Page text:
News Column

Chemists design molecules for controlling bacterial behavior

May 30, 2014



By a News Reporter-Staff News Editor at Health & Medicine Week -- Yan-Yeung Luk, associate professor of chemistry, has spearheaded the discovery, in conjunction with his research lab at Syracuse University and the Wang Lab at SUNY Upstate Medical University. Their findings are the subject of a forthcoming article in the journal ChemBioChem (John Wiley & Sons Inc.) (see also Bacterial Infections).

"Since the discovery of the first antibiotic, penicillin, in 1928, bacteria have become smarter and have developed resistance to many drugs," says Luk, an expert in bio-organic chemistry, nanomaterials and chemical biology. "They've done this by altering their genetic make-up; transferring drug-resistant genes between one another; and creating biofilms, which are multicellular communities where bacteria can be a thousand-fold more resistant to antibiotics."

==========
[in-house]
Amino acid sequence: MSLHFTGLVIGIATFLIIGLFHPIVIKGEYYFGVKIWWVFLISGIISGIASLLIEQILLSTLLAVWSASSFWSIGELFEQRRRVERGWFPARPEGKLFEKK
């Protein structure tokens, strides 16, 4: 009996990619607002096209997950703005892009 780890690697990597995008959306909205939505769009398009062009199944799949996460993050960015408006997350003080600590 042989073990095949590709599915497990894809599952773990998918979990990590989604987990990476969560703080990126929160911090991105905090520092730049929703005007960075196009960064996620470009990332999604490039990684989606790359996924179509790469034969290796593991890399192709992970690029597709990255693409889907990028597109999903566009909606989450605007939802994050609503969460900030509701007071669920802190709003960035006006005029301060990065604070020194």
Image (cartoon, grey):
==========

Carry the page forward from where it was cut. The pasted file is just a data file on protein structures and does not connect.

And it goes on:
In response, Luk's team has developed a class of chemical agents that does not kill bacteria but, rather, changes their multicellular behaviors. These agents are called disaccharide derivatives, and they mimic a class of natural molecules known as rhamnolipids, which are produced and secreted by the bacterium itself.

Keywords for this news article include: Chemicals, Chemistry, Syracuse University, Bacterial Infections and Mycoses.

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Source: Health & Medicine Week


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